“Debt relief” scams have become a problem for consumers recently, and the issue is getting attention from the federal government. These companies prey on people suffering through financial hardship by claiming that, in exchange for small payment, they can eliminate, consolidate, or lower credit card or other loan payments and improve your credit score. Consumers that pay for the service rarely, if at all, see any results and only fall further into debt.
Last week, the federal government filed suit against two especially egregious debt relief companies. The Federal Trade Commission sued American Bill Pay Organization and American Benefits Foundation, two companies that claimed to administer federal programs that would pay up to $25,000 to relieve individuals in debt. The problem with the scheme, of course, is that no such federal program exists. Instead, the defendants in this case collected substantial fees from consumers without paying any of their debt or improving their credit. The case is currently pending in the United States District Court for Washington, D.C.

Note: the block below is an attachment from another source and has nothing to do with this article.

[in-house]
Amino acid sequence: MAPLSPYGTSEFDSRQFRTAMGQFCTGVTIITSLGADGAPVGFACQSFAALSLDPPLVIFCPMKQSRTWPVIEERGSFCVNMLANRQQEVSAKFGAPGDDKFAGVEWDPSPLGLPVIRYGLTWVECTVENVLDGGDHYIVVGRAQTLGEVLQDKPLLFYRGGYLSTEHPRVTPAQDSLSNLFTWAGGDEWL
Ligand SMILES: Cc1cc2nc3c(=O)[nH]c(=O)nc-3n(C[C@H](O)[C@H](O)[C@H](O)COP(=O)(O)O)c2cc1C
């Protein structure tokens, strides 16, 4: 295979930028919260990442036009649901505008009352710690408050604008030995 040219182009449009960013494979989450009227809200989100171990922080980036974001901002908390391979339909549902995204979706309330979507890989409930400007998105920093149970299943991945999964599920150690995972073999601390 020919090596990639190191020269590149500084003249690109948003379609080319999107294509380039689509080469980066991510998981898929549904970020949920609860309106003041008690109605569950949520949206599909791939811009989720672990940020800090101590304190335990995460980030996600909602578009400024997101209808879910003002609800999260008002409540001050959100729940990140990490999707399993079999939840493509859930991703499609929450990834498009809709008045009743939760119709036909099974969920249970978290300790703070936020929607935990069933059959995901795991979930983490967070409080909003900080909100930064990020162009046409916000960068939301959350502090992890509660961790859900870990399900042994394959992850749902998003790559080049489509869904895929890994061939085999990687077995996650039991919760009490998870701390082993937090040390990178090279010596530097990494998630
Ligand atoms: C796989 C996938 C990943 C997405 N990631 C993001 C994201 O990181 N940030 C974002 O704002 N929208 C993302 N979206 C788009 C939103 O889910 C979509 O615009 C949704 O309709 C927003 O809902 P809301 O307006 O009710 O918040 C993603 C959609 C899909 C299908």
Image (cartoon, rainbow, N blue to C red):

There are a few, honest debt relief agencies in the United States. These agencies are required to comply with the Credit Repair Organizations Act which, among other things, prohibits a debt relief agency from charging or receiving money before any debt relief or credit repair service is actually performed. The lesson learned from the FTC’s new suit is that consumers must be wary of debt relief agencies, and never pay any such agency before they actually deliver results.